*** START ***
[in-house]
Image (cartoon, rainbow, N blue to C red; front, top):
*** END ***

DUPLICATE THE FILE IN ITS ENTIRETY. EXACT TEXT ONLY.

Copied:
[in-house]
Image (cartoon, rainbow, N blue to C red; front, top):